1. Prepare Tungsten Needles
- Cut a tungsten rod in half using wire cutters so that the rod does not bend.
- Thread the rod through the tapered end of a 5 3/4 in borosilicate glass Pasteur pipette.
- Leaving approximately 3/4 in of the rod sticking out of the glass, adhere the rod to the pipette tip with a small bead of “hot melt adhesive” (HMA), which is the glue stick used for a glue gun. The HMA should be quickly melted in an alcohol flame, taking care not to burn the glue and generate black smoke.
- Using a pair of forceps, bend the tip of the tungsten rod (about 1/4 in from the top end) until a 45° angle is reached.
- Holding the Pasteur pipette, place about 1/8 in of the tip of the tungsten rod into the flame of a propane torch. Hold the tip steady and exactly perpendicular to the flame.
- Pull the needle out of the flame the moment a tiny orange speck of tungsten flies off of the needle.
2. Prepare Spemann Pipettes
- Using a Bunsen burner, heat the narrow end of a Pasteur pipette until the glass shortly beyond the taper begins to melt. Remove from flame and pull the tip until the pipette becomes sealed. Be sure that there remains a portion of the tapered part that has an O.D. of approximately 0.7-1.0 mm. Break the sealed end off about 4 cm from the taper.
- Attach around 2 ft (60 cm) of rubber tubing to the wide (open) end of the pipette. Blow on the other end of the rubber tubing to ensure that no air can pass through the tapered part of the Pasteur pipette.
- Using a propane fuel cylinder with an attached pencil flame torch, heat an oval area on one side of the pipette just below the start of the taper. Blow air very gently and constantly through the rubber tubing with a slight amount of pressure (approximately the amount of pressure needed to say the beginning of the letter “P” at conversation level). When the glass becomes soft on one side and begins to buckle outwards, quickly remove the pipette from the flame and blow hard and steady through the rubber tubing. This will cause the heated part of the glass to form a sausage-shaped bubble that may pop, which is fine. If the bubble is too small, try melting and blowing the glass again. The final open window in the glass should be around 0.25 in (6.35 mm) wide by 0.5 in (12.7 mm) long.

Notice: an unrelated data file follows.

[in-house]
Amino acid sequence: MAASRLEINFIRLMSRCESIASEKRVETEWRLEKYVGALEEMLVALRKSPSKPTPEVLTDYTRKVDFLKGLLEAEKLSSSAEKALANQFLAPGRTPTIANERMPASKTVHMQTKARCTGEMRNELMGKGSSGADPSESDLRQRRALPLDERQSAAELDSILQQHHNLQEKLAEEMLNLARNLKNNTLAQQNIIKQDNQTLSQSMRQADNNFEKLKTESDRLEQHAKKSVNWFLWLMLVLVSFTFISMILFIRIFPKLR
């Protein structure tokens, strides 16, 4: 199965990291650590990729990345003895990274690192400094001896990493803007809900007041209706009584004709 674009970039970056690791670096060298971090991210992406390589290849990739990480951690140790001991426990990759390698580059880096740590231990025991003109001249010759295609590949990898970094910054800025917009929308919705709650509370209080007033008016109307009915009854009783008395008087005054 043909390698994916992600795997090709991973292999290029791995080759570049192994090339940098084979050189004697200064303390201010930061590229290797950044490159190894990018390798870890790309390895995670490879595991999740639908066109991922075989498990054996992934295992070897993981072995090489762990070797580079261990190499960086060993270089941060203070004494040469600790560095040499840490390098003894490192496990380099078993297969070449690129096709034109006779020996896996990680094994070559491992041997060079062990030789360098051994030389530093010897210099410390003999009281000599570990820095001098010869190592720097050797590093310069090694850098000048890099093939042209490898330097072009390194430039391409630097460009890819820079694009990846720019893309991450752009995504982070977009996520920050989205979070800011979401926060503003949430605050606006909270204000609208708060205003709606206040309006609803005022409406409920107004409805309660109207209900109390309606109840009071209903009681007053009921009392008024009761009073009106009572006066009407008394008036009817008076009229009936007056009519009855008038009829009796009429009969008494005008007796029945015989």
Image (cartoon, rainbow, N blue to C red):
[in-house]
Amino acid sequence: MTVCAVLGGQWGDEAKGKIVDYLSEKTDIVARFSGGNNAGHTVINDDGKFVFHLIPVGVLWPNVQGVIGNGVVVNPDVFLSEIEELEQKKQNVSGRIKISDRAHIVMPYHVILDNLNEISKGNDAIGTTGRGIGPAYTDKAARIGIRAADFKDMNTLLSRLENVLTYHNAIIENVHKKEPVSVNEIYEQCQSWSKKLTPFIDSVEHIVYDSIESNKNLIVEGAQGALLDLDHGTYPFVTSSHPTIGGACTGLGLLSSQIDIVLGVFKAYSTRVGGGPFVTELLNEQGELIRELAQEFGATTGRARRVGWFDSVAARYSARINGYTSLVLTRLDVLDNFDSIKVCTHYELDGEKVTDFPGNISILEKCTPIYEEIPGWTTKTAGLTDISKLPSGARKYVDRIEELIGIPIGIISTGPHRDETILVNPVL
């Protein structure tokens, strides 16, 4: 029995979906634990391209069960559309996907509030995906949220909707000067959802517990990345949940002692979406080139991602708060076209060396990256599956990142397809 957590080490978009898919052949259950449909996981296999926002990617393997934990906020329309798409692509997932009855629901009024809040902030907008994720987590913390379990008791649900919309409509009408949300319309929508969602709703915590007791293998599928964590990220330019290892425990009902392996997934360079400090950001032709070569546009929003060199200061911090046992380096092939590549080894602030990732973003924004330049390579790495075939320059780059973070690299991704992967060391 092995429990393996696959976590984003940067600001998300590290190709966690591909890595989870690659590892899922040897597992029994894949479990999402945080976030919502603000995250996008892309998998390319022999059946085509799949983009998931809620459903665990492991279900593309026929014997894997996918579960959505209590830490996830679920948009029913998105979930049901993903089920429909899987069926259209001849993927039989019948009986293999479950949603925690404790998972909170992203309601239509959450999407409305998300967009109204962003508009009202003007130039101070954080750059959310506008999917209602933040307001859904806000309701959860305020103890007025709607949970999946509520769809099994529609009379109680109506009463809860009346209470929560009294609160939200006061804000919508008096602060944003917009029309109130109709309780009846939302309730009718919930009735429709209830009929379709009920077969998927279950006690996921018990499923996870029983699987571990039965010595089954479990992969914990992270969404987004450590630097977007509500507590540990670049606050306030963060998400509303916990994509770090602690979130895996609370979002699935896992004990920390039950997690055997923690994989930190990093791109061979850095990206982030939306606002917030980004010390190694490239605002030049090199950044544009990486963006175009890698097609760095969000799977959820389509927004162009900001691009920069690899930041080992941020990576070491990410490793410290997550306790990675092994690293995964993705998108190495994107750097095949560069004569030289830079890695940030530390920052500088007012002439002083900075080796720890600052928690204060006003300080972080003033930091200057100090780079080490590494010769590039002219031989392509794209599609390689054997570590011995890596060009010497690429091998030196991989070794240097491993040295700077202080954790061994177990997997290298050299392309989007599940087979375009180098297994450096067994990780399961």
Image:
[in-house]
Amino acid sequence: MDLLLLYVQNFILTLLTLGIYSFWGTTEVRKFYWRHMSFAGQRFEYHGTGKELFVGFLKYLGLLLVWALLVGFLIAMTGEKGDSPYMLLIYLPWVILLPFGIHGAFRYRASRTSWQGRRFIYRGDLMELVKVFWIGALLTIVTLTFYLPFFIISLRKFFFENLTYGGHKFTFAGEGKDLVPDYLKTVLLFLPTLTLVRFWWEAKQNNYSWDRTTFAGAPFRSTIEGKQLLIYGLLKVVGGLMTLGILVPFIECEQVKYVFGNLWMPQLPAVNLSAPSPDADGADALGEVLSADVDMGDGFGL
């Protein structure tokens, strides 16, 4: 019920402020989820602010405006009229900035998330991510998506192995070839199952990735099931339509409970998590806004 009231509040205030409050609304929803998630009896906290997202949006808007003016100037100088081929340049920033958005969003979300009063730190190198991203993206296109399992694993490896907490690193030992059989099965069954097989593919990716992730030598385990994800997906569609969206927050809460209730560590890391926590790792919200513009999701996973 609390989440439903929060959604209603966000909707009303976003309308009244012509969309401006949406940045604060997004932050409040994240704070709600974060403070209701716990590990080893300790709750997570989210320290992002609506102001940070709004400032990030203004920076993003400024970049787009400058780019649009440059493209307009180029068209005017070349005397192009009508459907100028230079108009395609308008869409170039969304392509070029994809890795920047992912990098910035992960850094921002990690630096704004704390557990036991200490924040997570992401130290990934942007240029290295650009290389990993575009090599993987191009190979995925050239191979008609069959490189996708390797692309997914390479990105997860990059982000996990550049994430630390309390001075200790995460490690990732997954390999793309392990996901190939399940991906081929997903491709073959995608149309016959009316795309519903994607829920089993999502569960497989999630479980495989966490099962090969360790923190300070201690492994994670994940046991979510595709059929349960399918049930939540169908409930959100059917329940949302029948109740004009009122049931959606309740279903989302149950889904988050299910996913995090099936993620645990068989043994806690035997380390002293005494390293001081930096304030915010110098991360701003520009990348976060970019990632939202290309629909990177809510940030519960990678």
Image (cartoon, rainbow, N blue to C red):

- Pointing the tapered end upwards, scrape the bubble into a glass waste container while gently blowing through the tubing to prevent glass fragments from entering the pipette.
- Using the propane flame, burn off the remaining edges of the bubble and fire-polish the sides of the open window. Take care not to melt the shaft of the pipette.
- Using a diamond point pencil, score the tapered end of the pipette approximately 1.25 in (30 mm) from the window and break off the tip with forceps so that the pipette opening is cut cleanly (discard pipettes with broken or uneven tips).
- Using forceps and the edge of a flame from an alcohol burner, bend the narrow portion of the pipette 0.375 in (9.5 mm) from the tip to an angle of approximately 60° so that the bent portion is in a vertical plane when the window opening is at the 1:00 position for right-handed usage and 11:00 for left-handed usage. This step is best conducted in a draft-free enclosure.
- Fire-polish the tip using the alcohol flame under a dissecting microscope. Be sure not to close off the tip but rather keep the opening round and smooth without any constriction.
- Cut a 1 in (25 mm) piece of rubber tubing, spray the piece of tubing with 70% ethanol, and slide the tubing over the shaft of the pipette until the window opening is completely covered. This functions as the “diaphragm” of the Spemann pipette.
- Place a latex rubber 2 ml bulb over the open bottom of the pipette. The bulb maintains negative pressure in the Spemann pipette.
- To practice using a Spemann pipette, transfer chromatography beads of around 100-200 µm in diameter from a marked spot in one Petri dish to a marked spot in another under a microscope.
- To clean the Spemann pipette, remove the rubber bulb and place pipette, tip down, in a tall beaker lined with cotton or gauze on the bottom and filled with distilled water and glassware detergent.
3. Sterilize and Incubate Eggs
- Wipe eggs with 70% ethanol and place the eggs on plastic egg trays.
- Set eggs in a heated incubator at 37.5 °C and 85-87%.